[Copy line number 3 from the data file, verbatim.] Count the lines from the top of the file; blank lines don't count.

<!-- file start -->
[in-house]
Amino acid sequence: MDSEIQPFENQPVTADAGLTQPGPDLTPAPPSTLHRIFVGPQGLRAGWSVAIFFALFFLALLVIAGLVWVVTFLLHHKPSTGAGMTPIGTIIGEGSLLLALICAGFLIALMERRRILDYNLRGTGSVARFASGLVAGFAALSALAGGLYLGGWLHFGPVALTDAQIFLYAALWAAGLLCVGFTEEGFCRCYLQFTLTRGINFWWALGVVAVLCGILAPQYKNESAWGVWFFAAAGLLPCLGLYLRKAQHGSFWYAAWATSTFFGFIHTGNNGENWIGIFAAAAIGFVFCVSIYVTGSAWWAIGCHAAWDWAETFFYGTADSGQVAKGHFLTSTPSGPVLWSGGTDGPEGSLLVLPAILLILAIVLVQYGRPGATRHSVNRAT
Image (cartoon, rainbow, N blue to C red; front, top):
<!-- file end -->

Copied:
Image (cartoon, rainbow, N blue to C red; front, top):